Floyd Mayweather Jr.’s record $41.5 million guarantee for facing Canelo Alvarez in September elicited a series of reactions from the MMA community. Some fighters like Tito Ortiz made ridiculous comparisons (“What am I doing different from [Floyd Mayweather Jr.]?”). Others, like current UFC light-heavyweight champion Jon Jones knew it was more politically expedient to downplay any direct comparison between revenues in boxing and MMA (“Boxing has been around over 100 years…The foundation is set and the money is there. MMA is so new.”). But the question looms large — why is it that boxing can boast stratospheric paydays whereas MMA’s purses are deliberately obscured from public knowledge?
We could talk about the structure of modern boxing where there is competition between promoters (Bob Arum, Golden Boy, etc.) and TV networks (HBO, Showtime, etc.), which drives boxing purses up. Or we could focus on the formula for self-promoting fights that Oscar de la Hoya and Floyd Mayweather Jr. derived tremendous benefit from. The fact remains that with its limited 20-year history, MMA has much more in common with the monopolistic and mafia-controlled boxing of the 1950s and ‘60s than it does with modern boxing.
What the industry tends to ignore is that the passage of time is not what leads to progress. It was five years ago in 2008 that Jon Fitch was tossed overboard by the UFC for refusing to sign away his likeness rights away in perpetuity. While managers and fighters could have drawn a line in the sand, squared up with Zuffa and said “You’ve taken enough from us,” their response to the likeness rights situation was completely muted.
“That wasn’t a battle we chose to fight. All of our guys agreed,” said American Top Team president Dan Lambert.
Thus, the precedent was set. MMA managers acting out of fear negotiated with the UFC by giving up something in exchange for nothing.
Boxing was corrupt in the ‘50s — the mafia having gained control of the industry during the prohibition of the sport from 1830 to 1920 — and most fighters were simply objects to be used and discarded. (Of many available examples, 110% of Joe Louis’s purses were committed to other people, and the IRS still needed to be paid on top of that).
There were still people who pushed back, playing the dicey game of making certain compromises while maintaining a larger strategic aim. One such man was legendary trainer Cus D’Amato, understood to be the driving force behind world champions Floyd Patterson, Jose Torres and Mike Tyson. In Confusing the Enemy: The Cus D’Amato Story, a new biographical novel by Scott Weiss and Paige Stover, the strategy and tactics of D’Amato throughout different eras of boxing are explained — ideas that still apply to the embryonic mixed martial arts game today.
From 1949 to 1958, the International Boxing Club (IBC), led by Jim Norris, ruled the major divisions of boxing. From fixing matches to slicing and dicing up the fighter’s purses, Norris and the IBC ruled the roost with the compliance of shadowy organized crime figures in the background.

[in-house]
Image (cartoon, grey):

As Cus D’Amato groomed Floyd Patterson to be heavyweight champion of the world, he avoided opponents who were controlled by the IBC. Jim Norris of the IBC wanted a 50% interest in Floyd Patterson in exchange for headlining cards at Madison Square Gardens; D’Amato had no interest in serving Patterson up to the IBC on a silver platter.
Fortuitously, the New York State Athletic Commission (NYSAC) and the US Senate began putting heat on the IBC. D’Amato walked into Jim Norris’s office for a sit-down to get Floyd Patterson the big fights he deserved: “By keeping this fight out of the Garden and off of network television, we’re both leaving money on the table…How long are we gonna keep this up? Neither of us is getting where we wanna be.”
D’Amato and Norris worked out a compromise, but it was clear that the IBC was losing ground. When Rocky Marciano vacated the heavyweight title, D’Amato used the hard sell — bluffing a potential Patterson-Marciano fight with another promoter — to negotiate for Patterson to fight for the world title in November of 1956 for the staggering sum of $150,000. Eventually, the IBC was declared a monopoly by the courts and ordered dissolved.
D’Amato had earned scorn for opposing the IBC monopoly because his tactics kept both Floyd Patterson and Jose Torres inactive or facing unranked opponents. In the end, however, he prevailed, not just in that both Patterson and Torres became champions, but because in retirement, their careers extended beyond boxing: Patterson became chairman of the NYSAC and Jose Torres a respected writer and author.
With the right representation at the right time, a talented MMA fighter can secure a better deal. PRIDE champion Fedor Emelianenko went from earning paltry purses of $15,000 to $20,000 under Russian Top Team manager Vladimir Pogodin to clearing $200,000 per fight plus win bonuses throughout 2004 thanks to agent Miro Mijatovic.
Fedor had been unhappy with Pogodin for quite a while, as Pogodin had been skimming money off the top. Mijatovic promoted Fedor’s fight against Yuji Nagata at Inoki-Bom-Ba-Ye 2003, giving Fedor a purse of $150,000. PRIDE was so terrified of the prospect of losing their heavyweight champion — and more importantly, the threat of competition from a new promotion — that the yakuza (organized crime) who ran PRIDE held Mijatovic hostage at gunpoint in order to extort the rights to Fedor of him.